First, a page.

JOURNAL OF

Journal of Research in Personality 38 (2004) 24–31

RESEARCH IN PERSONALITY
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Neuropsychological evidence for dimensional schizotypy: Implications for creativity and psychopathologyq
Joscelyn E. Fisher, Aprajita Mohanty, John D. Herrington, Nancy S. Koven, Gregory A. Miller, and Wendy Heller*
Department of Psychology, University of Illinois at Urbana-Champaign, MC 716, 603 East Daniel Street, Champaign, IL 61820, USA

Abstract Schizotypal personality is characterized by a variety of traits, such as magical thinking, unusual perceptual experiences, and anhedonia. Factor analytic studies have shown that these characteristics tend to cluster into at least two separate dimensions (positive and negative schizotypy). Schizotypy is associated with vulnerability to schizophrenia. However, it is also related to higher scores on measures of creativity and increased right-hemisphere brain activity. In a series of recent studies investigating the behavioral, neuropsychological, and neuroimaging correlates of positive and negative schizotypy, positive schizotypy was associated with better performance on measures of creativity, enhanced responsivity to threatening emotional stimuli, and more right-prefrontal cortical activity. These results support earlier psychological studies suggesting that positive schizotypy is related to patterns of cognitive and emotional function (e.g., divergent thinking, heightened emotion) that are common to both creativity and psychopathology. Ó 2003 Elsevier Inc. All rights reserved.

This research was supported by National Institute of Drug Abuse (R21 DA14111), National Institute of Mental Health (R01 MH61358, T32 MH14257, T32 MH19554, F31 MH068123), Intercampus Research Initiative in Biotechnology of the University of Illinois, Carle Clinic, and the Beckman Institute. We thank Joseph Barkmeier, Tracey Wszalek, Holly Tracey, and Elizabeth Wenzel for their contributions to this project. * Corresponding author. Fax: 1-217-244-5876. E-mail address: wheller@s.psych.uiuc.edu (W. Heller). 0092-6566/$ - see front matter Ó 2003 Elsevier Inc. All rights reserved. doi:10.1016/j.jrp.2003.09.014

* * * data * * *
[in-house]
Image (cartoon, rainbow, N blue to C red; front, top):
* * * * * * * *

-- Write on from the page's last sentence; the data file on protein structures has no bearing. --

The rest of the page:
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Creativity has been associated with mental illness for centuries. Biographical accounts of famous musicians, philosophers, scientists, writers, artists, and poets describe psychotic episodes and suicides (Brod, 1997). In addition, psychological studies have shown that, on average, highly creative people have higher scores on measures of psychopathology than less creative people (for a review, see Andreasen, 1996). Relatives of schizophrenic or other psychotic patients have a higher incidence of creative achievement (for a review, see Brod, 1997). However, the relationship between characteristics of ÔgeniusÕ and symptoms of ÔmadnessÕ is not straightforward. The majority of people who suffer from chronic mental illness experience a wide range of symptoms and deficits that interfere with the production of substantive work. Moreover, creativity is often defined as the ability to produce new ideas and adapt, improve, or create new functions for existing products (Kirton, 1989), skills that are impaired in most patients with schizophrenia. Indeed, the productive periods of most famous creative individuals occurred when their symptoms of mental illness were less severe (Brod, 1997). It therefore seems useful to examine whether creativity is associated with certain emotional, cognitive, or personality traits that may also predispose one to mental illness. Research focused on the traits that may be associated with both creativity and mental illness has identified schizotypal personality as a candidate for vulnerability to schizophrenia as well as a potential contributor to creativity. Much of this work emerges from the study of schizophrenia and its predispositions and hence is biased to represent the relevant personality traits as pathological. Schizotypal personality consists of traits that lead to a variety of cognitive, emotional, and social behaviors that are perceived by others to be unusual. For instance, individuals with schizotypal personality are often described as ‘‘odd’’ or ‘‘eccentric’’ and they may report an elevated rate of unusual perceptual experiences. Odd ideas or magical beliefs, inappropriate or constricted affect, and social and/or physical anhedonia are also commonly observed in schizotypal individuals. Many of these characteristics are thought to be milder versions of symptoms observed in schizophrenia that could lead to significant impairment in emotional, social, and vocational functioning, even if they do not manifest as psychosis. Indeed, schizotypal personality disorder includes a constellation of characteristics whose link to schizophrenia has been theoretically and empirically supported (e.g., Chapman, Chapman, Kwapil, Eckblad, & Zinser, 1994; Fernandes & Miller, 1995). However, other researchers have argued that at least some schizotypal traits are continuously distributed throughout the population and may be associated with enhanced adaptive functioning (McCreery & Claridge, 2002). In particular, unusual perceptions and magical beliefs may be linked to enhanced spirituality and creativity. For example, schizotypy scale items such as ‘‘It has seemed at times as if my body was melting into my surroundings’’ and ‘‘Sometimes I have had the feeling that a part of my body is larger than it usually is’’ are both common experiences of people who practice meditation (Kabat-Zinn, 1990). Items such as ‘‘It is not possible to harm others merely by thinking bad thoughts about them’’ belie a growing belief among scientists, scholars, and physicians that thoughts can influence events and objects in the material world (e.g., Dossey, 1993). Jung wrote extensively about